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Wednesday, September 14, 2011

New Japan PM In Nuclear Restart Call

New Japanese Prime Minister Yoshihiko Noda has called for nuclear plants halted after the Fukushima crisis to be restarted.

But in his first policy speech since taking office, he told parliament that Japan should aim to reduce its reliance on nuclear power in the long term.
He said earthquake reconstruction and economic rebuilding would be his twin priorities.
And he warned of possible tax rises to tackle Japan's public debt problem.
Mr Noda, who is Japan's sixth prime minister in five years, took office less than two weeks ago after predecessor Naoto Kan stepped down.
Mr Kan had called for Japan to abandon nuclear power, but Mr Noda said that plants offline since the 11 March earthquake and tsunami should be restarted to meet power shortages.
"It is not productive to see things in simple black and white, and talk in either anti-nuclear or pro-nuclear terms," he said.
"We must move towards our mid- and long-term goals of lowering, as much as possible, our reliance on nuclear energy."
Local communities have opposed reactor restarts after routine maintenance, meaning two-thirds are offline.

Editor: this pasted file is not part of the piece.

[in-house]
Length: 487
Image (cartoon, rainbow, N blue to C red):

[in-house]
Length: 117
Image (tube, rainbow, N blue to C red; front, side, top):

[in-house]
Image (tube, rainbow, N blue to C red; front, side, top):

Mr Noda pledged a rethink on energy policy within a year and vowed to increase the use of renewable energy.
'Exporters' scream'
Calling earthquake reconstruction work the top priority, he said that the cabinet's "other top priority will be rebuilding the Japanese economy".
The high yen threatened to undermine both industry and reconstruction, he warned.
"We hear screams from exporters and from the small and mid-sized companies that have led our country's industries. If things carry on like this, domestic industries could go downhill and jobs could be lost.
"If that happens, it would be almost impossible to break out of deflation and reconstruct areas hit by the disaster."
He said the government needed to take "every possible policy measure in co-operation with the Bank of Japan".
Acknowledging the multiple leadership changes of recent years, he said politicians were perceived as delaying decisions on how to reduce Japan's huge public debt.
He said he would study new tax measures and cut spending, but gave few details.
And he issued a call for political unity, saying that politicians, bureaucrats and the business sector needed to co-operate.
"Let's come together and rally our strengths to overcome this time of historical adversity and bring about a rebirth of Japan," he said.
(Source - BBC)

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